5.Saha V, John TJ, Mukundan P, Gnanamuthu C, Prabhakar S, Arjundas G, et al. High incidence of subacute sclerosing panencephalitis in south India. Epidemiol Infect 1990;104:151-6.  Back to cited text no. 5
    
6.Campbell H, Andrews N, Brown KE, Miller E. Review of the effect of measles vaccination on the epidemiology of SSPE. Int J Epidemiol 2007;36:1334-48.  Back to cited text no. 6
    
7.Duclos P, Ward BJ. Measles vaccines: A review of adverse events. Drug Saf 1998;19:435-54.  Back to cited text no. 7
    
8.Koppel BS, Poon TP, Khandji A, Pavlakis SG, Pedley TA. Subacute sclerosing panencephalitis and acquired immunodeficiency syndrome: Role of electroencephalography and magnetic resonance imaging. J Neuroimaging 1996;6:122-5.  Back to cited text no. 8
    
9.Lekhra OP, Thussu A, Sawhney IM, Prabhakar S, Chopra JS. Clinical profile of subacute scelerosing panencephalitis (SSPE). Neurol India1996;44:10-5.  Back to cited text no. 9
    
10.Bhat AR, Nair MD, Sarada C, Radhakrishnan K. Subacute sclerosing panencephalitis: Experience of a tertiary referral centre in Thiruvanthapuram, Kerala. Neurol India 1996;44:6-9.  Back to cited text no. 10
    
11.Khare S, Kumari S, Sehgal S. Sero-epidemiology of subacute sclerosing panencephalitis in Delhi. Indian J Med Res 1990;91:94-7.  Back to cited text no. 11
    
12.Prashanth LK, Taly AB, Ravi V, Sinha S, Arunodaya GR. Adult onset subacute sclerosing panencephalitis: Clinical profile of 39 patients from a tertiary care centre. J Neurol Neurosurg Psychiatry 2006;77:630-3.  Back to cited text no. 12
    
13.Prashanth LK, Taly AB, Ravi V, Sinha S, Rao S. Long term survival in subacute sclerosing panencephalitis: An enigma. Brain Dev 2006;28:447-52.  Back to cited text no. 13
    
14.Lakshmi V, Malathy Y, Rao RR. Serodiagnosis of subacute sclerosing panencephalitis by enzyme linked immunosorbent assay. Indian J Pediatr 1993;60:37-41.  Back to cited text no. 14
    
15.Manayani DJ, Abraham M, Gnanamuthu C, Solomon T, Alexander M, Sridharan G. SSPE-The continuing challenge: A study based on serological evidence from a teritary care centre in India. Indian J Med Microbiol 2002;20:16-8.  Back to cited text no. 15
[PUBMED]  Medknow Journal  
16.Singhal BS, Wadia NH, Vibhakar BB, Dastur DK. Subacute sclerosing panencephalitis. I-Clinical aspects. Neurol India 1974;22:87-94.  Back to cited text no. 16
    
17.Khwaja GA, Gupta M, Sharma DK. Subacute sclerosing panencephalitis. J Assoc Physicians India 1991;39:928-33.  Back to cited text no. 17
    
18.Shaikh NJ, Rodrigues JJ. Serological studies on subacute sclerosing panencephalitis. Indian J Pediatr 1991;58:833-5.  Back to cited text no. 18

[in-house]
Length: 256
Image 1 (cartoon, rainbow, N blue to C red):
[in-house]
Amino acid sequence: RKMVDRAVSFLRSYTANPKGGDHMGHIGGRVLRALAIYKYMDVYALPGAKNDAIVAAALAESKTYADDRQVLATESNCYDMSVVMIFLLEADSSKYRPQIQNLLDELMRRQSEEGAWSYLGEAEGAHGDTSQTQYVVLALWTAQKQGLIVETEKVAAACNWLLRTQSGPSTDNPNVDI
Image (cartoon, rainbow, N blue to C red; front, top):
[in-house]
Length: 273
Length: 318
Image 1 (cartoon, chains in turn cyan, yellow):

19.Mishra B, Kakkar N, Ratho RK, Singhi P, Prabhakar S. Changing trend of SSPE over a period of ten years. Indian J Public Health 2005;49:235-7.  Back to cited text no. 19
[PUBMED]  Medknow Journal  
20.Sonia M, Lalit D, Shobha B, Sheffali G, Amandeep S, Veena K, et al. Subacute sclerosing panencephalitis in a tertiary care centre in post measles vaccination era. J Commun Dis 2009;41:161-7.  Back to cited text no. 20
    
21.Khadilkar SV, Patil SG, Kulkarni KS. A study of SSPE: Early clinical features. J Pediatr Neurol 2004;2:73-7.  Back to cited text no. 21
    
22.Aaby P, Bukh J, Lisse IM, Smits AJ. Risk factors in subacute sclerosing panencephalitis: Age- and sex-dependent host reactions or intensive exposure? Rev Infect Dis 1984;6:239-50.  Back to cited text no. 22
    
23.Halsey NA, Modlin JF, Jabbour JT, Dubey L, Eddins DL, Ludwig DD. Risk factors in subacute sclerosing panencephalitis: A case-control study. Am J Epidemiol 1980;111:415-24.  Back to cited text no. 23
    
24.Zilber N, Kahana E. Environmental risk factors for subacute sclerosing panencephalitis (SSPE). Acta Neurol Scand 1998;98:49-54.  Back to cited text no. 24
    
25.Tan E, Namer IJ, Ciger A, Zileli T, Kucukali T. The prognosis of subacute sclerosing panencephalitis in adults. Report of 8 cases and review of the literature. Clin Neurol Neurosurg 1991;93:205-9.  Back to cited text no. 25
    
26.Singer C, Lang AE, Suchowersky O. Adult-onset subacute sclerosing panencephalitis: Case reports and review of the literature. Mov Disord 1997;12:342-53.  Back to cited text no. 26
    



 
 
    Tables

  [Table 1]



 

Top
Print this article  Email this article

    

 
   Search
 
  
    Similar in PUBMED
   Search Pubmed for
   Search in Google Scholar for
 Related articles
    Article in PDF (487 KB)
    Citation Manager
    Access Statistics
    Reader Comments
    Email Alert *
    Add to My List *
* Registration required (free)  


    Abstract
   Introduction
   Methods
   Results
   Discussion
   Conclusion
    References
    Article Tables

 Article Access Statistics
    Viewed2136    
    Printed41    
    Emailed0    
    PDF Downloaded145    
    Comments [Add]    

Recommend this journal